Dreamers react to Trump's announcement

About 400 people gathered outside the Minnesota Republican headquarters to protest the Trump administration's decision to roll back the "Dreamers" program. The Deferred Action for Childhood Arrivals program, or DACA, protects immigrants who were illegally

MINNEAPOLIS - About 400 people gathered outside the Minnesota Republican headquarters to protest the Trump administration's decision to roll back the "Dreamers" program.

The Deferred Action for Childhood Arrivals program, or DACA, protects immigrants who were illegally brought to the U.S. as children. It will expire in six months, unless Congress acts.

Several Dreamers were among the crowd protesting on Tuesday, including a 24-year-old woman who said she moved to Minnesota from Mexico as a child. Surrounded by supporters, she wept as she described the fear she now lives with following the announcement from the Trump administration.

The Minnesota Immigrant Rights Action Committee (MIRAC) marched together with a broad coalition of immigrant rights organizations. They marched from the Republican headquarters to the Hennepin County Government Center downtown chanting, "No DACA, no fear."

One Dreamer, who asked we not use her name, says Minnesota is her home.

"I don't know anything else besides being in Minnesota," she said. "I've gone to school here, graduated from college and have a job where I work with families. It is really hard to know that I am still being called illegal. I am still being labeled because of where I come from. It's really hard to know that people here don't consider me American."

Meanwhile, Sen. Warren Limmer (R) said it's too early to tell how people will be impacted.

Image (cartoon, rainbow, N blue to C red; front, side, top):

"I am waiting to see what Congress does," he said. "The rules are in place but we have a number of people that trigger the sympathetic response. Maybe Congress can come up with a compromise."

Republican Party of Minnesota Chairman Jennifer Carnahan released the following statement on DACA:

"The President's actions on DACA are reasonable, humane and ensure we are a nation of laws, not merely executive actions.  The U.S. Constitution is clear on the subject. In Article 1, Section 8, Congress -- not the President or Judicial Branch -- is given the power to 'establish a uniform rule of naturalization.' President Obama's implementation of DACA was unconstitutional, and instead of putting an immediate end to the program, President Trump rightly provided Congress the time to fashion a legislative solution to the issue. Unlike President Obama, President Trump is following the rule of law." 

© 2017 KARE-TV


JOIN THE CONVERSATION

To find out more about Facebook commenting please read the
Conversation Guidelines and FAQs

Leave a Comment